Our Latest News

Update on work to restore access to flood-affected sites

23/11/2016

The Tasmania Parks and Wildlife Service (PWS) is continuing repair work to restore access to sites affected by the June flood event.More

Maria Island ferry service will unlock tourism opportunities

22/11/2016

The Tasmanian Government has secured a new, year-round regular passenger ferry service to Maria Island National Park, which will help the island fulfil its potential to be one of the state's best tourism attractions.More

Replacement of facilities at Lake Tahune

21/11/2016

A tender has been advertised for the demolition and replacement of the hut and toilet facilities at Lake Tahune on the Frenchmans Cap walking track.More

Maria Island National Park

Maria Island by Bike

bikemap.gif

Maria Island is a great place to visit and there are lots of opportunities to explore on a bike.

Stay on the right track
You are welcome to ride on the roads and vehicle tracks, and in some places, on open paddocks.
Please do not ride on walking tracks.

Places you can ride are shown on the map and are listed below.

  • Fossil Cliffs circuit, including the paddocks on the route;
  • Brick Fields circuit roads inland of Darlington;
  • northern side of the Reservoir circuit (see map);
  • Darlington to Oast House and return via Hopground Beach;
  • Darlington to Frenchs Farm via the coast road;
  • Darlington to Frenchs Farm via the inland road;
  • Frenchs Farm to Encampment Cove campground;
  • Frenchs Farm to Robeys Farm via the isthmus road; and
  • Frenchs Farm to above Haunted Bay via the isthmus road.

Difficulty of riding on the Isthmus Road
The road connecting North and South Maria runs across a sandy isthmus. It is not possible to ride bikes along the road at the isthmus due to the sand. Riders must be prepared to push their bikes. Bikes may not be ridden along the isthmus beaches.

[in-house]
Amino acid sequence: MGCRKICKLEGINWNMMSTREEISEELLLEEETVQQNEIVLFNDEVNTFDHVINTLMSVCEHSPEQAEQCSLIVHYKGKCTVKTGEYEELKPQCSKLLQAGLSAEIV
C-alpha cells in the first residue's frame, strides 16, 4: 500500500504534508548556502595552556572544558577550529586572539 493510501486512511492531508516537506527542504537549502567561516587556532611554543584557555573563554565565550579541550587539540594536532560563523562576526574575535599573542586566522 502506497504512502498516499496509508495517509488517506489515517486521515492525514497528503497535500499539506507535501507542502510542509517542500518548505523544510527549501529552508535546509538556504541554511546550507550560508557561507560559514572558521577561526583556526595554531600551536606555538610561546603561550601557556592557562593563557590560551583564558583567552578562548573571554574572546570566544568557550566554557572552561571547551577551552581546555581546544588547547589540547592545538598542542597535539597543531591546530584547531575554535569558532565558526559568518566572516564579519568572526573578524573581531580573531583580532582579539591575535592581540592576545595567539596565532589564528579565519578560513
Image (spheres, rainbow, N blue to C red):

Minimise your impact
Riding on the beach is not permitted because it can disturb shore breeding birds - some species of which are threatened.


The park is thought to be one of the few places in Tasmania free of Phytophthora, a disease that attacks many native plants. Phytophthora can be spread by soil from your bike, especially soil caught in wheels. When you arrive, use the washdown station located at Darlington Jetty to clean your bike.

The park is famous for its historic buildings and ruins, so please do not ride your bike on ruins, verandahs or into buildings.

Be safe, plan your trip
Don't forget to bring tools and equipment to repair your bike in an emergency. The roads and vehicular tracks on Maria Island can be rough on tyres. They can be equally rough on your head, so make sure you have a helmet - it's the law in Tasmania.

Just as walkers use the log books to enter details of their walks, bike riders too are asked to fill in their details. These can be invaluable if you have an accident and are reported missing. Remember that these books are not checked until someone reports you as overdue, so always leave details of your trip intentions with a friend, family or police.